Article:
What’s the difference between a palliative care program and hospice care?
Palliative care is a broader approach that focuses on improving the quality of life for anyone facing a serious illness, regardless of life expectancy. It involves a team of palliative care specialists who address physical, emotional, and spiritual needs. Hospice care, on the other hand, is a specific type of palliative care reserved for individuals with a life expectancy of six months or less. Hospice care offers a higher level of care that includes a specialized hospice nurse and is typically provided in a hospice facility or at home.
What are hospice centers?
Hospice centers are inpatient facilities that offer end-of-life care, focusing on every individual patient’s comfort and needs. Case managers coordinate services to provide compassionate care — addressing pain, symptoms, and emotional support. There are usually staff members who assist with insurance coverage while prioritizing comfort measures for those with terminal illnesses, but room and board are usually not covered. Space is usually limited, so they may not be able to accommodate your loved limited time.
Both times, I chose not to opt for hospice for my parents. Instead, I dedicated myself to being their primary caregiver in their own home. It wasn’t an easy decision, but it felt right for our family. I found solace in being present for every moment, tending to their needs, and cherishing the time together.
However, this choice wasn’t without its challenges. The physical and emotional toll of being a full-time caregiver was immense. There were sleepless nights, lots of tears, moments of uncertainty, and a constant battle to balance their needs with my own well-being.
While my decision aligned with my personal values, it might not be the best choice for everyone. Hospice offers a level of professional care and support that can be immensely beneficial, providing families with the assistance needed during a profoundly challenging time.
It should be noted that I have considerable experience with caregiving that goes back to my teenage years with my grandmothers, and I have dealt with a number of family member illnesses throughout my life. Furthermore, I have held the hands of a dozen people as they transitioned from life to afterlife. So, I was not afraid of what was to come.
For my mother, we had the opportunity to choose one of the nearby hospice houses where the providers had a truly interdisciplinary approach and worked out of the multi-bed facility. However, there was a lot of red tape and emotional stress involved in the hospice admission process for these facilities and it truly became too complicated and we ran out of time.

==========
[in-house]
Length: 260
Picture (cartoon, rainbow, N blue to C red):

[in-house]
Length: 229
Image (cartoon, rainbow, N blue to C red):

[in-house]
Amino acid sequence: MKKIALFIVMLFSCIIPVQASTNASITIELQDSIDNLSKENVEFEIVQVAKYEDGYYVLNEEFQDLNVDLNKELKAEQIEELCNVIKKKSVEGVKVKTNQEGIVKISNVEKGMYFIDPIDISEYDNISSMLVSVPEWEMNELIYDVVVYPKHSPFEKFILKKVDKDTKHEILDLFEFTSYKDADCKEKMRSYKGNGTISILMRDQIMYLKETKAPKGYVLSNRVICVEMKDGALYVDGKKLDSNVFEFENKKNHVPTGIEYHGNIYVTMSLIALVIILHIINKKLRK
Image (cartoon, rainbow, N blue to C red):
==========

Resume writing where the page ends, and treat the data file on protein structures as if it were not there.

For my dad, he was not ready to face the thought of dying. So, my sister and I chose not to even discuss hospice with him, and I moved in with him for the last eight months of his life. It was a wonderful time for both of us! In those months when we were roomies, I learned so much from him — about our family going back to the 1700’s and about how strong both of us could be together. We laughed more during those months than ever — and figured things out together, too.
Final Thoughts: Pros and Cons of Hospice
Deciding on hospice care is deeply personal and nuanced. My experience taught me that there’s no one-size-fits-all answer. It’s essential to consider the needs of the patient, the family’s dynamics, and the available support system.
Ultimately, whether to choose hospice or not is a decision best made by weighing the pros and cons while considering the individual circumstances. The goal is to ensure the utmost comfort and dignity for our loved ones in their final days, whether through hospice care or personal caregiving.
As I look back on my journey, I’m grateful for the time spent caring for my parents. It was challenging but immensely rewarding. I hope my insight helps others make the right decision for their loved ones during this delicate phase of life.
Love to ALL! ~ Susan